Finally, you should know that fairy tales are a big deal with me. I read them a lot and not surprisingly I often write fairy tale inspired fantasy. Fairy tales lend themselves to the short form and it makes me happy to craft them. However, be aware that classical fairy tales, the ones I like to read, bear no relation to Disney. They feature villains, bloodshed, sacrifice, and death. They also feature heroines, magic, wonder, and laughter. You take the rose with the thorn.
Wolfe Daughter by E.A. Schneider 553 words
Zoey huddled against the base of the pine tree, craning her neck back so she could see the gaps of sky between the boughs. It was almost dark. Zoey traced the ribbon wrappings of her left hand, following the satin from wrist to a complex weave of wire and ribbon forming the ring of eternity around her third finger. Jaason had woven it on her himself; it even bore the rusty spots of his blood seal. The ring was beautiful and it made Zoey sick. Still, Zoey couldn’t stop her fingers. It was a habit, like poking a sore tooth with your tongue. It was full dark now; the moon would rise soon and Zoey would find out the truth of the legend of the Wolfe girls. The legend was old but lively, like their clan. It was told to every girl by her mother and retold amongst the womenfolk. It was theirs alone. Since her contracting to Jaason only one part mattered: should a virgin daughter of the Wolfe clan offer the Moon goddess blood of life she would be reborn in ancestral fur. The kingdom knew tonight was the night of the moon goddess. Pilgrims gathered at her shrines. Zoey waited in the pine wood with the beaten silver knife. The wood stretched many miles; it held much prey and numerous wolves. It would be a good home should the moon goddess bless her and a good grave if not. Either way she would soon be free and the trees were good company in the dark. It is funny, Zoey thought; I’ve always been a noisy weeper until today. The tears were flowing like salt rain. Even though she was here, alone, in a vast wood ready to sacrifice her blood on the faith of a legend, Zoey didn’t want to die. The knife felt cold and heavy. Sensation seemed terribly important now. Zooey ran her fingers over the thick carpet of pine needles, reveling in their smoothness and prickles as much as the sheer joy of exercising her digits, especially her thumbs. If her prayers were answered she would grip nothing except with fangs. Human things: dresses, hot water, cooking meat, sweet tarts, twirling a pen, and the elegance of ribbon would be lost to her. Ribbon. Jaason’s sneering face, coarse breath, and cold blue eyes flashed into Zoey’s mind. Zoey took a deep breath, the pine perfume filling her lungs, and raised her wet face to the moon. It was time. Standing Zoey began the moon chant, arms raised, head high. Zoey cut through the ribbon wrappings, blood spilled, and the hand went limp. Knife in her teeth, Zoey cut her right wrist. The blood ran. Like her ancestor, the heroine of ancient legend, Zoey spat the knife out and singing the moon song, she spun, arms out, drawing a welcome circle for her new self. Finally, Zoey fell down, sick and spent. The moonlight fell on her slowly blinking eyes. There couldn’t be a legend if it didn’t work. Someone had to tell the story.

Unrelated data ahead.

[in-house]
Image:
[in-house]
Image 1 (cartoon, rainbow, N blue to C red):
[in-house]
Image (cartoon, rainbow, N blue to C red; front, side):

Moonlight fell through pine boughs on a silver wolf. The wolf stood up, turning in the rusty circle. She bent to sniff, inhaling deeply. The smell was human. Shaking her fur, she bounded into the shadows of the wood, new, alone, and free.